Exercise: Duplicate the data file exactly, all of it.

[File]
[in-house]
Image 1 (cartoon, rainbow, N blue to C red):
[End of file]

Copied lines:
[in-house]
Image 1 (cartoon, rainbow, N blue to C red):